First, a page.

“Not Going to Make It”

SPARs, the Coast Guard women, had similar training as WAVES.  SPAR Dorothy Riley Dempsey remembers the physical training as being extremely taxing.

We were not prepared for boot camp. We had to jump through the tires, you know. Then the next thing we had to do was we had to scale a wall.  We couldn’t do it.  I said to the girl in back of me, “Quinn, push, because I’ll never get over that wall.”

There was a big rope and it had a knot on it.  And there was a pit with mud here.  We had to back up and jump and my friend Quinn who was with me, I said, “Quinn, I’m never going to make that pit.”  And she said, “Neither am I.”  So we sneaked over to another line. We never had to go over it.  We didn’t get caught.  I said, “If we’re caught, we’re out. They’ll get rid of us.”

The photo comes from a Navy post card set produced about the Hunter College boot camp. It’s from the Betty H. Carter Women Veterans Historical Project at the University of North Carolina Greensboro.


Depending upon the weather, WAVES could do their exercises either indoors or out. These WAVES are at the Naval Training School for Advanced Machinist’s Mates in Norman, Oklahoma. They’re working on a field outdoors (note the jumpsuits they’re wearing for their exercise).

But a cold winter day could drive the WAVES indoors. Jeanette Shaffer Alpaugh remembers being at training camp in Cedar Falls working one day inside in the gymnasium.

We were four abreast, one bunch of four after the other. The officer is charge was, somebody came to the door and called her over. She didn’t say “halt.” So we were marching ahead and this person kept talking to her. Now, we didn’t really know this. Anyway, I was in the second group of four,  We come to the end of the gymnasium and she hadn’t said, “halt” or “squad left” or right or anything.  And so there were stall bars at the end of the gymnasium.  I don’t know how this first group of four — I don’t think I would have thought of it, but they started climbing the stall bars (climbing bars on the walls of old gyms).  So here’s four people going up stall bars. We’re the second group of four, we started going up stall bars. She turned around and there were about four groups  (laughs) up on stall bars. I think that — you know, then she says. “Halt!”  It was really funny.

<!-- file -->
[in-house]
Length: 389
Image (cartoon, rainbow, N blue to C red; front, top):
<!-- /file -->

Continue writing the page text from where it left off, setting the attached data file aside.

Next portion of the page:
The photograph comes from the National Archives.

WAVES Do Swim!

One of the rumors swirling about the military women was the various qualifications they’d need in order to join the different branches. Since the WAVES’ name evoked water, and the WAVES were part of the Navy, one rumor about the WAVES was that a woman had to know how to swim in order to join. Some members of the Women’s Army Corps even now say they didn’t join the WAVES in World War II because they couldn’t swim!

The rumor was false; a woman didn’t have to be a swimmer to join the WAVES.  But swimming was one of the activities women could do to keep in shape.

These WAVES are swimming in the pool at Yeoman Training School at the University of Northern Iowa in Cedar Falls, circa March 1943. The photograph can be found in the National Archives.

Keeping New Year’s Resolutions

What’s your resolution this year? Do a search on the web and you’ll find any number of resolution ideas. The top ten resolutions for small businesses. The top ten anti-aging resolutions for seniors. Top resolutions for a first-time pregnant mom (and isn’t that redundant – I mean, can you be a pregnant dad?). Top vacation resolutions.

According to USA.gov, some of the most popular resolutions in the U.S. revolve around getting into shape (physical or financial):

  • Get fit
  • Lost weight
  • Manage debt
  • Drink less
  • Save money
  • Reduce stress
  • Quit smoking
  • Get a better job
  • Eat healthy food
  • Get a better education

Since this is the week when most people give up their resolutions, it may be time for some inspiration from the WAVES. For WAVES, physical activity was part of their daily routine, with a number of exercise choices to stay in shape on the job.

This photograph from the National Archives was taken at the WAVES Radio School at the University of Wisconsin in Madison. It dates from March, 1943. According to the caption:

The Navy knows that these girls will attain top efficiency in their work only if they are in perfect condition, so building a sound body plays an important part in the day’s routing at the WAVE Radio School.